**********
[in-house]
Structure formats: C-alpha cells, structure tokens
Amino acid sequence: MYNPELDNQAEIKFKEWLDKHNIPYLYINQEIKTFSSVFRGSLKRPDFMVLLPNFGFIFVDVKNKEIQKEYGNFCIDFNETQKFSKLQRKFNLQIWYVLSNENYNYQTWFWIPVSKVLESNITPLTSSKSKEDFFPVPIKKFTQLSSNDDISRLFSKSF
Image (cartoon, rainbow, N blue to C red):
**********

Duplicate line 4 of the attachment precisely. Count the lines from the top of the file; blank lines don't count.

Image (cartoon, rainbow, N blue to C red):